The next contribution, Peter Bang’s “Imperial Bazaar,” seems to me both new and potentially quite fruitful. Bang argues that the term “market” is oppressively fraught with assumptions and presuppositions. Thus, when historians ask if the Roman Empire was a “market economy,” they begin by asking whether prices were set by supply and demand, and if the movement of commodities reflected the movement of prices, chasing high prices and fleeing low prices. The problem with such a concept of the market, as Bang sees it, is that it does not capture the full range of ancient economic behavior. Sometimes prices and commodities might behave as if following a market logic (as some 4th century CE Egyptian archives suggest). But at other times, when information deficiencies or political and social pressures were pronounced (as in the case of the Antioch famine of 362-3), they might not. Rather than seeking to accommodate the concept of the market with the range of ancient economic phenomena, Bang suggests that a better analytic concept can be found in the “bazaar” of the pre-industrial Middle East and India. The bazaar was characterized by a combination of “primitive” non-market and “modern” market features, such as local and long-distance trade; small-time retailers peddling their domestic surplus and big-time wholesalers; pure profit-motives as well as social and political aggrandizement. Different cultures and classes intermingled in bazaars. Accordingly, they were governed (if that is the word) by a diversity of legal codes and expectations.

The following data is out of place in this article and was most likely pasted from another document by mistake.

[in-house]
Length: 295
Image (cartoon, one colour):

Bang’s seems to me a particularly promising idea. Many ancient economic historians have embraced the neo-institutional economic model associated with Douglass North as potentially more fruitful than the classical economic model. Neo-Institutional analysis quantifies the play of institutions (broadly conceived) as costs and thus renders tangible what a classical analysis, more concerned with the theoretical free play of the perfect market, might overlook. It thus potentially opens the door to economic culture. In contrast to the concept of the market, Bang sees the concept of the bazaar as a relatively neutral one, and consequently as more useful for bringing to bear neo-institutional perspectives on the ancient economy. This seems a potentially fruitful suggestion, but I am skeptical whether ancient economic historians will be willing to exchange the alluring and familiar idea of the (western) market for the perhaps more accurate but foreign vision of the (eastern) bazaar.